“What’s Your Weakness?”

Ah the weakness question in the job interview. It’s one of the classics isn’t it? I mean of all the things they ask you in most interviews, why is this question still being asked?

The answer is of course that the question is a good one, so you best be prepared to answer it intelligently. If the question wasn’t worthwhile, then interviewers would have stopped asking it a long time ago. So it stands to reason they are finding it useful in revealing information necessary which helps them make their decision.

Asking about an area in which you are weak gives you the opportunity to either reveal something about yourself so damaging that the interview essentially ends on the spot or it provides the chance to impress the interviewer. Revealing something damaging about yourself isn’t something I’m going to spend much time on here. Suffice to say, its fatal to say you have no flaws at all. It’s also suicidal to reveal a criminal conviction, past aggressive behaviour on the job such as assaulting a co-worker you didn’t get along with or question the interviewers intelligence in asking such a dumb question. Oh yeah, someone I know actually did that.

The smart thing to do with the question is to have thought about it long before the interview. Anticipating the question makes it less nerve-wracking and stressful when it does come up for starters. Let’s face it, when you really want the job, talking in any way about a known weakness isn’t going to be something you naturally would want to volunteer. So doing it on the spot might catch you saying something later that while honest, wasn’t the best choice.

So pull out that job posting and read what the job entails. What will you be doing in this position and have you done it before? All of it? Are there areas or perhaps a single thing you notice that you haven’t had direct experience doing or perhaps did quite a long time ago and you know things have evolved? Could be, and if so, you might find your answer to the question here. Do yourself a favour though and don’t make telling them your weakness the entirety of your answer. The impact of this is just to leave them flat and yourself painted in a negative light.

When you state your weakness follow it up by sharing both what you are doing to improve on it and how you’ve overcome such weaknesses in the past. For example if an organization uses some specific computer software that you are not familiar with, you could share this along with evidence from your past where you quickly acquired the necessary expertise to competently use industry-specific software in a previous organization. It stands to reason that if you learned software elsewhere upon accepting a previous job, you have the necessary skills and interest to learn the software this organization uses too.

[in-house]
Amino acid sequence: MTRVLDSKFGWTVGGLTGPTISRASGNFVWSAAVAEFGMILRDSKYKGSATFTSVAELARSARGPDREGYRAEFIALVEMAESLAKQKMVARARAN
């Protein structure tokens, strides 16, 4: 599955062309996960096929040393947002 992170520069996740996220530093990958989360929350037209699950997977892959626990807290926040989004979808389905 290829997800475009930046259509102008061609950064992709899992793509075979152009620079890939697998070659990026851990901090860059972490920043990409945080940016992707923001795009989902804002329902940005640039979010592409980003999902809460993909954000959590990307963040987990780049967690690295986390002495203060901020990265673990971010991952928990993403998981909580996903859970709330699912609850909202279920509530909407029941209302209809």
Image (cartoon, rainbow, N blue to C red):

The one thing you may reveal about yourself in answering this question is your attitude for learning and your acceptance of learning from others around you. Presumably you are going to get some support in this new position. Someone is going to be responsible for showing you the ropes, giving you an orientation to the job, introducing you to company policies and practices and might be assigned to have you job shadow them.

You are the new hire; the fresh blood. You are the one in the beginning who has a lot to learn, even if or when you come to a job with a great deal of experience. So while you have much to share and a good grasp of the technical skills to perform in those early days, you won’t know how the organization you are now working for goes about the work. It’s in the ‘how we do it here’ that you can best reveal a positive attitude and a willingness to learn.

Once, maybe even twice, you might get away with a, ‘this is different from when I worked at such-and-such” but keep those kind of statements to a minimum. You don’t work there anymore and this company does things a certain way for a certain reason and quite frankly you haven’t been with them long enough to know why. The bottom line is it’s good advice to respect how and organization does things in the beginning instead of second-guessing those around you and telling them about the better ways of doing things they need to know.

The weakness question in the job interview also gives you the chance to identify any training issues the company should be aware of that once known can best get you working up to full speed. If you claim to have a certain knowledge and experience at the interview but are counting on bluffing it or getting a co-worker to show you what you claimed to know, you might find yourself out of a job faster than it took you to get it.

In the here and now can you identify something that is generally needed in the jobs you are applying for that you aren’t strong in? if so, start to work on that now. Look up some training online that might be free or invest in yourself and take a course. Practice your skills and get that training on your resume so you can point to what you are doing to improve yourself in that area.    

Written By Kelly Mitchell

“What’s Your Weakness?” was originally published @ Employment Counselling with Kelly Mitchell and has been syndicated with permission.

Photo by One Way Stock

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